How Rick Snyder secured Michigan's Republican nomination for governor
Melanie Maxwell I AnnArbor.com
Political obscurity turned out to be Rick Snyder’s greatest asset.
Snyder, taking a page from his day-to-day work as an Ann Arbor venture capitalist, has treated his campaign for Michigan’s Republican gubernatorial nomination like it's a startup company.
Snyder, former president of Gateway Inc. and co-founder of economic development group Ann Arbor SPARK, vaulted into the national political spotlight Tuesday night, outpacing four opponents to win the nomination.
Here’s how he did it:
1. He was the quintessential outsider.
Snyder started the campaign with virtually no name recognition in Michigan’s political circles. When he launched his exploratory committee in March 2009, one of the state’s top political experts, Inside Michigan Politics editor Bill Ballenger, said he'd never heard of Snyder.
But early on, Snyder identified political inexperience as his startup campaign’s biggest asset. He consistently labeled his opponents as “career politicians” for a full year before the primary - and that resonated with voters who were tired of political insiders.
"It really just felt like people were ready for a difference, not the same old thing," said supporter Bruce Heissenbuettel of Pittsfield Township.
An EPIC-MRA poll released in the final days of the campaign by the Detroit Free Press and WXYZ-TV showed voters liked the fact that Snyder was a business executive and not a politician. In addition, he was a tech executive - much like former eBay CEO Meg Whitman and former Hewlett-Packard CEO Carly Fiorina, California’s Republican nominees for governor and U.S. Senate, respectively. Voters seemed to embrace that background.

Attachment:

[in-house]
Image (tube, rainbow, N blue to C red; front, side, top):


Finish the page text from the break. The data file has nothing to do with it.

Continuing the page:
Snyder's campaign took extreme steps to ensure he wasn't seen as part of the political machine. After participating in a few debates, for example, he decided he would no longer take part in the debate cycle - which raised eyebrows among political experts. (Snyder has said he would debate his Democratic opponent, Lansing Mayor Virg Bernero.)
But the goal was obvious: Snyder wanted to make sure voters knew he didn't play by the traditional political rules.
"I got tired of the debates," Snyder said Monday night at his last political rally before the primary. "We did well in them, I did a bunch of debates, stood up well, made my points, but it was so much soundbites and bickering. We need to talk about substance."
2. He spent millions.
Snyder plunged more than $5.8 million of his own cash into the campaign during the primary, giving him a significant edge in TV advertising.
Michigan’s unemployment crisis made it unlikely that voters would fork over large donations to candidates of any kind. Snyder, in a sense, identified a market opportunity for a self-financed candidate. His wealth - albeit nowhere near the pocketbook of 2006 billionaire Republican nominee Dick DeVos - helped him get the name recognition he needed to become a serious contender.